No results found for your search
For sure. However, it's key that the desired outcomes/goals are defined, otherwise, I've seen teams monitoring progress every day with no actual clue what they were driving toward and/or looking for. At that point. it's all a distraction.
But yes, once the goals and overall direction are defined, monitoring progress every day keeps everyone adaptable.
Really like this framework.
Also I can see how many companies are afraid at the transparency such a process brings but as mentioned in the post, if you know what's happening, you can plan for improvement.
Also the bit about monitoring data daily cannot be overstated. When looking to optimize outcomes, knowing what the data trends look like daily (if not hourly for some types of sites) will let you jump on those variations quickly vs waiting a week or a month - when its too late to do something about it.
To be honest you spend a whole lot of effort to get those subscribers. Just to "leverage social media" you "put together a massive 58-page ebook packed with tips to help you dominate Instagram."
Most businesses are unable to accomplish that. Even when I try to explain them how social media works - that it's not just automated self-promotion 24/7 they are already struggling to understand.
For most business people creating a website will be the way to go. Try to explain a business that does not even have a site yet that they need to create a huge ebook just to get that list.
There are versatile startups who could do that but those in contrast usually focus on product development and consider growth to be a hack - quick and dirty or an afterthought ("we can add some keywords in the footer for the SEO").
Great talk , great purpose
I have listened to the interview, quite special how they have done it! I'm curious about their future plans.
Such an amazing read! reminder that solving your own problems unlocks value for others as well.
This is a very good case study..
Thanks for being transparent about your process.
I appreciate the honesty and humor in this case study. Also kudos for the successful venture.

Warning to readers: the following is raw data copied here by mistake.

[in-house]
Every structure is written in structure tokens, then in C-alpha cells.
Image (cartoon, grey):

I've joined early stage companies a few times now and I'd say in most cases you definitely don't do it for the immediate compensation and even for a long time future return it's a moonshot as most of the companies that you'll work for fail. Although my record so far is pretty OK I'm aware that at some point I'll run into a company that just won't make the cut. For me it was always about the opportunity to potentially discover a big business in an industry that still needs to make a major leap in digital/online. The first startup I joined about a decade ago was trying to 'disrupt' (I hate that word) education by creating a market place which brought educators and people wanting to do an education back together. If you're able to help a lot of people with that, that's a great bonus and for sure something that you can be proud of. These kinds of things were most important to me, also early on in your career (which I was back then, still pretty much these days as well I'd say) it's great to work for a startup as it will really help you explore what you want to do as you're also meant to do a lot of things. There aren't any processes, nobody really knows what they're doing and you're working extremely hard to find inflection points that will help the business take off. On top of that, if you're one the lucky ones and your startup/early stage company takes off you'll most likely be able to kickstart your career with that and get ahead of the curve compared to the more traditional career trajectories I'd say.
Join over 70,000 growth pros from companies like Uber, Pinterest & Twitter
Use the feedback box below if you have a question, comment or general feedback.
Your feedback has been sent.